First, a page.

LIVING close to the world’s busiest ports has Hunter beekeepers on a knife’s edge.
As another colony of the Varroa mite,a parasite that could wipe out the bee industry, was found on bees on a ship off Sydney last week, professional breeders and amateurs consider it inevitable that Australia will loose its highly valuable, Varroa-free status.
New warnings have been issued by Plant Health Australia but people such as professional queen breeder John Banfield, of Redhead, don’t need prompting to check for the mite.
‘‘Varroa will get here. It will be the end of the clean, green industry and we will have to use chemicals,’’ he said.
The infected Asian honey bees on the Kurnell ship were destroyed but Mr Banfield said Australia’s quarantine service ‘‘underperformed’’, only checking about 5 per cent of imported items.
‘‘It is pretty scary for us,’’ Mr Banfield said.
‘‘Australia is the last bastion of healthy bees in the world.’’
It only takes one bee infected with the parasite to wreck what beekeepers estimate is an industry worth between $4 billion and $6 billion, and that’s just for the pollination sector.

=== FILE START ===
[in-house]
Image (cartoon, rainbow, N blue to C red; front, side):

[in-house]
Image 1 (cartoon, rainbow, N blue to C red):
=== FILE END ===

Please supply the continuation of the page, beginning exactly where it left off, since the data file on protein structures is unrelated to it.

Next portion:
There were 2000 honey bees found last week on the ship.
Amateur Beekeeping Association of NSW Hunter Valley Branch secretary Jim Wright said the mite was ‘‘on the door step’’, in Papua New Guinea and New Zealand.
He said keepers checked for the mite by setting up sugar baits in hives, then shaking the baits to see if the mites fell out.
Autopsies were also carried out on bees to see if they were carrying mites.
Nothing beats vigilance.
Association member Ted Flower regularly checks what are called sentinel hives around Newcastle.
There’s one near the port and others at Mayfield, Mayfield West and Wickham.
Another two were planned for Kooragang, Mr Flower said.
‘‘So far there is no evidence of contamination,’’ Mr Flower said.
Hunter beekeepers stressed the importance of bees for food production.
Mr Wright said bees were fascinating creatures.
Added to the commercial impact of the mite, Mr Wright said using chemicals would cost more and take away the enjoyment the hobby gave so many people.